Waatea News Update

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Location: Auckland, New Zealand

Wednesday, May 18, 2011

Mere Mangu keen on Te Tai Tokerau run

Moerewa-based lawyer Mere Mangu says she wants to make a third attempt to be come MP for Te Tai Tokerau ... this time as the official Maori Party candidate.

Ms Mangu says she was approached by a number of people who wanted her to contest the by-election triggered by the resignation of Hone Harawira, who is standing under the Mana banner.

She says even though she stood as an independent in the past two elections, she supported the Maori Party's aims.

“I have always had the Maori Party kaupapa in mind but more so is the fact that they’re in government and we need to celebrate the achievements they have made including what Hone has achieved. I think he needs to be commended for what he carried out whilst he was representing Tai Tokerau,” Ms Mangu says.

She faces competition for the nomination from Ngai Hine chairperson Waihoroi Shortland, who hails from the same Matawaia Marae.


New Zealand First leader Winston Peters predicts tomorrow's budget will result in more Maori joining their whanau across the Tasman.

The former treasurer says government ministers have already foeshadowed a budget which will hit middle and low income earners.

He says as it is Maoridom's greatest export is talented skilled young people going to Australia.

“For a lot of families it means w future where to visit their families they’ve got to go offshore of the family has got to come back to New Zealand but they will not be living in New Zealand unless we can turn this around and fast,” Mr Peters says.

He says rather than cuts to services the government should put in place incentives to give young people a reason to stay in New Zealand.


A Manukau hospice will become the first in the country to include a whanau room where family can come and stay with dying patients.

South Auckland Hospice chief executive Gary Sturgess says it's part of a $5 million expansion of Totara House aimed at a new emphasis on culturally sensitive palliative care.

He says in the past Hospice has been accused of catering for white middle class patients, but that will change, as patients in their last days of life can come into the hospice with their whole family accompanying them.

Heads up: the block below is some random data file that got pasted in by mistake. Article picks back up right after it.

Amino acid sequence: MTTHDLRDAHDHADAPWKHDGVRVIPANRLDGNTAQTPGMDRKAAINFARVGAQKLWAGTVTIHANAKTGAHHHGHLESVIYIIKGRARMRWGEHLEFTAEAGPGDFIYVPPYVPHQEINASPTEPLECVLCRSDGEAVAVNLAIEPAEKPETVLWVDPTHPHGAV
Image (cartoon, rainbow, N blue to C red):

Police were called to a protest in Otara yesterday, where representatives of the Manukau Urban Maori Authority were picketing a branch of the Aotearoa Credit Union.

There were no arrests and the protest ended peacefully.

Wyn Osborne, who represented MUMA on the Aotearoa board until he lost his seat last December, says the credit union is using procedural tricks to ignore a petition for a special general meeting to discuss discrepancies in the election.

He says MUMA is also concerned the board has lost control of management.

“We think that puts the organisation at risk and that’s another issue that needs to be put in front of membership. Look, if we convened the SGM and the membership all said ‘get over it,’ we’d accept that. However we want an opportunity to have it out in a forum of members, they are what we think are the issues, and let’s have a vote on it,” Mr Osborne says.

Aotearoa chair John Walters says he doesn't accept there was any problem with the election, and MUMA has so far failed to get 100 valid signatures from enough of the Credit Union's 16,000 members to generate a special general meeting.


Pollution has put paid to a Maori tourism institution.

The Whakarewa penny divers have been told they can no longer dive for gold coins in the Puarenga Stream because of high levels of e-coli bacteria and PCP poisoning.

Tuhourangi spokesperson Wally Lee says local Maori have been complaining about the state of the river for years.

He is pleased that Environment Bay of Plenty has agreed to test the river and investigate where the source of the poluttion may be coming from.


The coach of the Maori women's rugby team says separatism has paid off for the sport as a whole.

Peter Joseph says the Aotearoa Maori Women's Sevens team was formed a decade ago because there were hardly any brown faces in the New Zealand team, despite the number of Maori players in the game.

He says Maori players now have a much better chance of making the Black Ferns, with nine of the New Zealand players in the 2009 Women’s Rugby World Cup being Maori, most developed through the Aotearoa team.

Mr Joseph says the Aotearoa team is off to Rome at the end of the month to defend its world title against the top European teams and an invitational team including Black Ferns.


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